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Forum topic by redesigningwood posted 09-27-2016 12:31 PM 347 views 0 times favorited 14 replies Add to Favorites Watch
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redesigningwood

139 posts in 293 days


09-27-2016 12:31 PM

Good morning all,

I purchased a used 4 inch delta planer about a year ago, and have had to contend with an angled cut since. I have to spin the wood after every cut ( when flat-faced) and it sort of stays flat. Just doing one side/edge without turning the wood around results in an angled piece of wood (think wedge).

I just upgraded to a Delta 37-280 6 inch jointer I scored online for $100, and I am having the same issues. I tried to adjust the knives with both jointers, checked with straight edge, etc.

What am I doing wrong? Is it the machine or am I possibly using the planer wrong? Did I not check something I need to?

Any help would be appreciated.

-- Mat


14 replies so far

View HokieKen's profile

HokieKen

1735 posts in 598 days


#1 posted 09-27-2016 12:46 PM

It sounds like the blades aren’t set properly (higher on one side than the other). You’ve already checked that, so if your confident that’s not the issue, are the tables both flat and coplanar? If yes then it’s likely an issue of technique.

When I have cupped or twisted boards, I have to be methodical in which side I joint first and where I concentrate the pressure. I personally find it helpful to hit the high edges of the concave face with a hand plane just enough to minimize wobble. Then I joint that side first and apply pressure on the outfeed side at the center of the board taking light passes until I get flats cleaned up on both edges.

The fact that spinning the board helps the issue leads me to believe that you’re concentrating your pressure on one side consistently. Spinning the board also means that your cutting against the grain half of the time. I’d recommend taking a board that’s already S2S and make a few passes over the jointer with it and see what your results are. It may reveal that you need to adjust where you apply pressure on the outfeed side.

-- Kenny, SW VA, Go Hokies!!!

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redesigningwood

139 posts in 293 days


#2 posted 09-27-2016 01:21 PM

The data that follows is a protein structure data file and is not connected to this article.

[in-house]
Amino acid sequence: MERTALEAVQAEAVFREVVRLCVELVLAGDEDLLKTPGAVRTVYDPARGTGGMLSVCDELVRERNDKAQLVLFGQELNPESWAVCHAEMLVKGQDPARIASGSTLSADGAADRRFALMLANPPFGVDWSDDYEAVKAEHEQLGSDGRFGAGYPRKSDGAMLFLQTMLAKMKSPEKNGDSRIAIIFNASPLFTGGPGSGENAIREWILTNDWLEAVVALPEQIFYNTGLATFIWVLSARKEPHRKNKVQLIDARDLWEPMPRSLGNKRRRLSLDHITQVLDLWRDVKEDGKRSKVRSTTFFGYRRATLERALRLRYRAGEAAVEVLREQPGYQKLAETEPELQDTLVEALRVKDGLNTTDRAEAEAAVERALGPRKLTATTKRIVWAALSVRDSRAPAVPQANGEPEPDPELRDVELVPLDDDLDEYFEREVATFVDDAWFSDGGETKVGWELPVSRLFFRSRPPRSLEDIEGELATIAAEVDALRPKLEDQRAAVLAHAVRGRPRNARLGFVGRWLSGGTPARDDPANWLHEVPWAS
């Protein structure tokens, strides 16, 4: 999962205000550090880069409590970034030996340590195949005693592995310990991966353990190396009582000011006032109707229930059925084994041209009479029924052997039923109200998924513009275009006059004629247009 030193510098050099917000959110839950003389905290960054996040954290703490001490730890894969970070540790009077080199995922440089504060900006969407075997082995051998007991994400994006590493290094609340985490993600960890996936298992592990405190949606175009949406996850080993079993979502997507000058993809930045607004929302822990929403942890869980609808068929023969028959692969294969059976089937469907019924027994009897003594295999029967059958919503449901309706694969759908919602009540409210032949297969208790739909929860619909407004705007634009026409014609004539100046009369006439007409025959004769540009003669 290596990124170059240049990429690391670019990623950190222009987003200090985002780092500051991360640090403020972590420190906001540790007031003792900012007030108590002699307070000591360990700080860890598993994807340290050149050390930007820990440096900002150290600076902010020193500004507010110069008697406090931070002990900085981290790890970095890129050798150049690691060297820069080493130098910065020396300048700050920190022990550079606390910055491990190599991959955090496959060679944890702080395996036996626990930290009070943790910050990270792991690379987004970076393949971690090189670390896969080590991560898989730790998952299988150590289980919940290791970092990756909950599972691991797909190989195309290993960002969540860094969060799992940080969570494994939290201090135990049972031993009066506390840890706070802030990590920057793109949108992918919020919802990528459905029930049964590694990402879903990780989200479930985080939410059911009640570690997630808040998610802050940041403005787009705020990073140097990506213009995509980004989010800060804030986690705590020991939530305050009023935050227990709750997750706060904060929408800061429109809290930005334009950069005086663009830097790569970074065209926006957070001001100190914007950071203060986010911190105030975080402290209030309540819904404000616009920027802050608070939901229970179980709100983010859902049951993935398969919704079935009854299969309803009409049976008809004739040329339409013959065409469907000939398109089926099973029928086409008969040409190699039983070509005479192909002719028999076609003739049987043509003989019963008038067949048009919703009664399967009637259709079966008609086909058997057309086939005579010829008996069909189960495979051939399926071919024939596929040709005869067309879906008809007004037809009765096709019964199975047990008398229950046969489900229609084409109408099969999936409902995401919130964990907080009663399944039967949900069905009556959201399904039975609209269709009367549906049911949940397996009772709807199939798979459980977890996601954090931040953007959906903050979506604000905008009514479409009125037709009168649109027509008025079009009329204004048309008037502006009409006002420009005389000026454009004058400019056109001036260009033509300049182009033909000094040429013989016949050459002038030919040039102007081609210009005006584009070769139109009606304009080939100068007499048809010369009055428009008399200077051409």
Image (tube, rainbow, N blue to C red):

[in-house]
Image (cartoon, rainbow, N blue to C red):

It sounds like the blades aren t set properly (higher on one side than the other). You ve already checked that, so if your confident that s not the issue, are the tables both flat and coplanar? If yes then it s likely an issue of technique.

- HokieKen

To be fair I am not confident in either issue (the straightness of the blades, or my technique) and you bring up a point, since this is happening on both machines, it may be me.

I typically use either my hand or a block to hold down the wood at or just in front of the knives, and a home made push block at the back. I guess when I’ll get home I’ll recheck the blades and go from there.

-- Mat

View rwe2156's profile

rwe2156

2187 posts in 941 days


#3 posted 09-27-2016 01:46 PM

If the blades are not parallel to the outfeed table, and you will have big problems. I use a dial indicator on a magnetic base to adjust the blades. You can also use a blade height adjustment jig.

Your technique sounds ok so I think its the blades or the beds. Be careful using push blocks particularly on 3/4 stock you don’t want much downward pressure on the infeed side, mostly push pressure.

-- Everything is a prototype thats why its one of a kind!!

View redesigningwood's profile

redesigningwood

139 posts in 293 days


#4 posted 09-27-2016 02:08 PM



If the blades are not parallel to the outfeed table, and you will have big problems. I use a dial indicator on a magnetic base to adjust the blades. You can also use a blade height adjustment jig.

- rwe2156

I don’t have either of those tools :) Any idea how to do it for a “casual” woodworker? lol

-- Mat

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DrDirt

4167 posts in 3202 days


#5 posted 09-27-2016 02:16 PM

Try this way to do it simply – -

I would watch the whole thing – but at the 4:10 mark he shows how he tests for a ‘level’ knife with a block of wood

https://www.youtube.com/watch?v=oMVP1JGdvuI

-- 'Political correctness is fascism pretending to be manners' ~George Carlin

View pintodeluxe's profile

pintodeluxe

4852 posts in 2273 days


#6 posted 09-27-2016 03:01 PM

The snapcheck is a great tool for dialing in a jointer. Without it you are just guessing at alignment.

Find it here for an incredible price of $19.95 http://www.chipsfly.com/mm5/merchant.mvc?

You will also need a high quality straightedge and feeler gauges to check for coplanar.

-- Willie, Washington "If You Choose Not To Decide, You Still Have Made a Choice" - Rush

View redesigningwood's profile

redesigningwood

139 posts in 293 days


#7 posted 09-27-2016 03:33 PM



Try this way to do it simply – -